Ransomware attacks and other hacks that aim at having economic effects all form part of an emerging mode of “strategic crime,” an aspect of cyberwarfare that can have pernicious effects on the prosperity and power of nations, large and small. While the malefactors aim for financial gain, it must be noted that the same types of exploits used to freeze data for extortionate purposes can also be used as a form of strategic attack in wartime, crippling critical infrastructures and slowing military operations—sometimes even stopping them in their tracks.

Clearly, something has to be done. But to date virtually all responses have been reactive. They are of two types: One is technically focused on assisting with data decryption and system restoration; the other is about urging governments to take retaliatory action, either in the form of economic sanctions or cyberattacks on those nations thought to be harboring cybercriminals.

Neither of these remedies will halt the rapid spread of ransomware attacks. Cleaning up after these incidents does nothing to prevent them, while retaliation risks sparking an escalatory spiral of cyberwar that will hurt open-market societies more than the closed-up authoritarian regimes commonly thought to be allowing, if not actively supporting, these crimes.

The central challenge now is to go beyond developing reaction protocols and instead think through how to defend against these forms of cyberattack. Crafting an ability to thwart determined efforts to intrude into and/or lock up critical information systems is the only way to reduce this form of crime. And doing so may require commercial enterprises, social and governmental institutions—even militaries, who should see these data-freezing attacks as potentially crippling to their operational capabilities—to take a very surprising action: move sensitive information out from their own hardened, firewalled systems.

Where should information go to be safe? The best places are in the cloud and “the fog.” Cloud computing is about putting data on someone else’s system, and it is a practice on the rise. Growing comfort with the cloud should encourage a willingness to put even the most sensitive information out on it. The fog is a form of “edge computing” and consists of those structures between systems that produce data and the cloud. Because it is outside the servers in one’s own data center, the fog offers yet another hiding and storage space that hackers will find hard to access. Both are far better than simply keeping key information close.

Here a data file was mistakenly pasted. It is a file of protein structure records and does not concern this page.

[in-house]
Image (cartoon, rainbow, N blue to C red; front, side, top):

While secure, the cloud has also been hacked on occasion, the most infamous case of which was the leaking of private photos from celebrities, grabbed from their iCloud accounts. But there’s a way to further improve cloud- and fog-based security via a process I call “data mobility.” It looks like this: Begin with a strict regimen of strongly encrypting data; break items into parts; place them in different parts of the cloud; and, finally, keep moving the data. I have a very simple mantra worth remembering: “Data at rest are data at risk.”

This solution takes a bit more effort than regular storage and security practices. But it is infinitely superior to existing approaches and will quickly reduce the frequency and effectiveness of ransomware attacks.

In addition, this approach to cybersecurity can and should be applied to other thorny issues of the digital age, such as the protection of intellectual property, which currently hemorrhages out of companies, worldwide, trillions of dollars each year in the form of counterfeit or pirated products.

By learning to thwart ransomware attacks in the first place, rather than just cleaning up after them, the health of the world economy can be better protected in this cyber age, and nations’ defenses will also be significantly improved. A classic “twofer.”

John Arquilla is distinguished professor emeritus at the U.S. Naval Postgraduate School and author, most recently, of Bitskrieg: The New Challenge of Cyberwarfare. The views expressed are his alone.